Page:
Unlike many who have borrowed Native American instruments and themes for their musical palette, composer Dik Darnell "belongs." He was adopted by Chief Frank Fools Crow, the holy man of the Lakota Nation, and Darnell performed sacred ceremony long before he decided (after consulting with Native elders) to give it a musical voice. With synthesizer, rattle, grandfather drum, voice, and the sounds of nature, Darnell evokes Native American ceremony for the 24 hours. A gentle flute salutes the dawn with the fresh sound of first light's songbirds. "Ocean" takes us below massive, crashing waves to hear the whales, while a mighty drum beats like a heart. Other cuts include sounds of rain, winds, thunder, pounding hail, and peaceful crickets mixed with the low chanting of a holy man, the singing of an Indian dancer, spirit rattles, drums, and flutes. Darnell's synthesizer music gives the sonic ceremony dramatic scope or plateaus of peace. The liner notes state that Ceremony was "composed and performed spontaneously during a ceremony." Darnell's album has that fresh and authentic spark of a "first," yet is rich and alive with sonic splendor. Darnell's other Native American ceremony albums include Winter Solstice Ceremony (1992), Voice of the Four Winds (1994), and Ceremony (1994).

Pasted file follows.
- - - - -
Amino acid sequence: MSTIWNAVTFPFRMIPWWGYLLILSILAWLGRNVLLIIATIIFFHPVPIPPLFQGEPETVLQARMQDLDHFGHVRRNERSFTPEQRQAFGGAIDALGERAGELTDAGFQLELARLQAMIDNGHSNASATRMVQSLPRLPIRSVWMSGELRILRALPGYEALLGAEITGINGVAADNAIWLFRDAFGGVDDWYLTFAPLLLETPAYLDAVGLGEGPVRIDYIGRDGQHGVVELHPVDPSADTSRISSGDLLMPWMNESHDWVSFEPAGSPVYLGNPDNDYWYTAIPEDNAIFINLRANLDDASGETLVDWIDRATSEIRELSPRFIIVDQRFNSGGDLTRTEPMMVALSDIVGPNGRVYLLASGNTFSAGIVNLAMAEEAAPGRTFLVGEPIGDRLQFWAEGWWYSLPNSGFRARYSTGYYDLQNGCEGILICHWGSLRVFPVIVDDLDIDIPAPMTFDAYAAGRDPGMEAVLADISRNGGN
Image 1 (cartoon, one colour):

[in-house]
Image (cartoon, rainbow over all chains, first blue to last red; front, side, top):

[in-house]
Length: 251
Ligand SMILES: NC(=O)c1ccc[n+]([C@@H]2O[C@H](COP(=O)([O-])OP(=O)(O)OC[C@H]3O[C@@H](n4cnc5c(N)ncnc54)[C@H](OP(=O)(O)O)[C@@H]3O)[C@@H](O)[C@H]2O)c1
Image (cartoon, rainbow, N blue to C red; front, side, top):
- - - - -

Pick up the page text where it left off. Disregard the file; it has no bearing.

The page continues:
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AllMusic Review by Carol Wright